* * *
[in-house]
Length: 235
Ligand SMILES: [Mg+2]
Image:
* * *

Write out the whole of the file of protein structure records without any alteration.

[in-house]
Length: 235
Ligand SMILES: [Mg+2]
Image: